As published on, Nov. 5, 2015:

Could ExxonMobil be guilty of fraud for taking a public stance on global warming? New York Attorney General Eric Schneiderman thinks so, and news that he’s demanded years of records from the oil giant shows how creative some lawyers have become in using litigation to try and achieve the sort of policy changes once left to legislators.

The New York Times reports Schneiderman issued a subpoena Wednesday evening seeking emails, financial records and other information about the company’s activities around climate science since the late 1970s, “including a period of at least a decade,” the Times says, “when ExxonMobil funded groups that sought to undermine climate science.” The probe is focused on whether the company adequately warned investors about potential financial risks stemming from tighter controls on fossil fuels, the Times said, citing unnamed figures who shared the details of the AG’s investigation with the paper on condition of remaining anonymous.

It’s an interesting question whether a company can break the law by financing research that it hopes will influence the public debate on a subject that affects its business. If the AG’s target is disclosures to investors, as the unusually well-informed Times reporters suggest, that raises the question of how a company can adequately disclose the risks associated with global warming when the sources and magnitude of the problem are still being studied.

“Public interest groups cannot be permitted to define what is a risk factor – securities laws do,” said Jacob Frenkel, a former Securities and Exchange Commission enforcement attorney now with Schulman Rogers in Potomac, Md. “What’s next? Advocates for electric cars positing a mandatory risk factor disclosure that gas-driven cars may become obsolete?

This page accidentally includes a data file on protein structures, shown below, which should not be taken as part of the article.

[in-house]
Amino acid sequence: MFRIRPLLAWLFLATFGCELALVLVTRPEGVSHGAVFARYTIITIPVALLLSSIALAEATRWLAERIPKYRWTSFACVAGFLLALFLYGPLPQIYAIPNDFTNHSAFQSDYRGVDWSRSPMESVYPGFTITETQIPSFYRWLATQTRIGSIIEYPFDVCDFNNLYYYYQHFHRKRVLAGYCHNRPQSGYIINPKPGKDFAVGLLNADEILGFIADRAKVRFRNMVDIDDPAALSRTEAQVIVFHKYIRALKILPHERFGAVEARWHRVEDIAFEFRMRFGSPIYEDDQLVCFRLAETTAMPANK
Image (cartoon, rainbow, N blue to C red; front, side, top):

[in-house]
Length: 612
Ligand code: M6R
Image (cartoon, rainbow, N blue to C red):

The model the AG is using resembles lawsuits attorneys general across the country filed against the tobacco industry in the 1990s for supposedly misleading consumers about the dangers of smoking and running up public-health costs as a result.

That was a dubious theory for two reasons: First, no matter how much tobacco executives lied, each pack of cigarettes had an explicit warning from the government telling smokers the product they were about to put in their mouth was deadly. Were profit-motivated executives more trustworthy? Second, smokers tend to die quickly and years before nonsmokers, thus actually saving the state money in healthcare and pension expense after accounting for all the tax revenue cigarettes bring in. But the important lesson from the tobacco settlement is that neither argument was sufficient to overcome the combined legal might of 50 state attorneys general, especially when the industry leader, Philip Morris, had the chance to negotiate a settlement that gave it a de facto cartel by blocking new competitors from entering the cigarette market. The litigation accomplished a goal anti-smoking activists couldn’t get through legislation: Higher taxes on cigarettes to discourage smoking, billions of dollars of which will flow through in fees to the private lawyers who helped negotiate the deal.

Could a similar maneuver be afoot with ExxonMobil? Oil and coal companies have the advantage they sell a useful product whose risks have been largely known for more than a century. But creative lawyering by public agencies is on the rise.

State AGs pried $50 billion or so out of mortgage lenders including Citi, JPMorgan Chase JPM +0% and Wells Fargo WFC +0% in 2012 over claims they processed foreclosure documents improperly, achieving the policy goals of activists who wanted those banks to offer more principal reductions to borrowers. Cities in northern California convinced a judge to sock Sherwin Williams and other paint companies with the bill for a $1.2 billion remediation program to remove lead paint from deteriorating housing even though the defendants voluntarily removed the product from the market in the 1950s.